New Delhi: Over 2,000 Indian star tortoises being smuggled to Thailand were seized by the Chennai airport customs authorities Monday.
The Central Board of Indirect Taxes and airport customs authorities said the seized tortoises have been handed over to the Tamil Nadu Forest Department for rehabilitation, ANI reported.
The star tortoise, set apart by the intricate pattern on its shell and favoured as a pet in some countries, is protected under the Wildlife Protection Act 1972, and listed under Appendix I of the Convention on International Trade in Endangered Species of Wild Fauna and Flora (CITES), an agreement between governments that aims to ensure the international trade in specimens of wild animals and plants does not threaten the survival of the species.
Appendix I of CITES lists “species that are the most endangered among CITES-listed animals and plants”. “They are threatened with extinction and CITES prohibits international trade in specimens of these species except when the purpose of the import is not commercial, for instance for scientific research,” it adds.
In a press release issued Tuesday, the commissioner of customs for Chennai Air Cargo said the export consignment that contained the tortoises was intercepted at Meenambakkam air cargo shed on the basis of intelligence.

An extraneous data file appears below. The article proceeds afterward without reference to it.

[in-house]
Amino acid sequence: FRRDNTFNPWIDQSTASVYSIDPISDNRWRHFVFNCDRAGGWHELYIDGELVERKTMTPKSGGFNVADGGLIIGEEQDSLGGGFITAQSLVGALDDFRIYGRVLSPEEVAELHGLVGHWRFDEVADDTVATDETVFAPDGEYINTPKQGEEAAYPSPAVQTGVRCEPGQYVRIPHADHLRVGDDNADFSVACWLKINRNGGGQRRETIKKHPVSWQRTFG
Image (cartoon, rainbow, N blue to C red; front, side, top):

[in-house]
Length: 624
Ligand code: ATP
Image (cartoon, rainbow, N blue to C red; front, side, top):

“As per the shipping bill, the items were declared as 250 kg of live mud crab and it was found that 10 out of 15 packages had a total of 2,247 live Indian star tortoises,” the release said. “Investigation on the smuggling bid is on.”
‘Loved as a pet’
Speaking to ThePrint, Tamil Nadu principal chief conservator of forests and chief wildlife warden Shekhar Kumar Niraj said “attempts to smuggle tortoises have been going on for a very long time, especially to Southeast Asian countries”.
“A lot of measures are being taken up by the customs authorities to stop this but the demand is so high and ever rising that it could never be completely stopped,” he added.
“Despite all international regulations, star tortoises continue to be smuggled due to extremely high demand,” Niraj said.
The chief wildlife warden said Indian star tortoises are smuggled to be kept as pets. In countries like China and Japan, it is believed to be lucky to have the endangered animal in the house, he added.
“This animal is loved as a pet across the world, across Southeast Asia, North America, all of the Western countries,” Niraj added.
On rehabilitation, the principal chief conservator of forests said the animals have been kept in quarantine, under strict supervision. “Their body measurements are being taken and we will send them for genetic profiling, so that we can know from where exactly they were taken and which population they belong to,” he said.
(Edited by Sunanda Ranjan)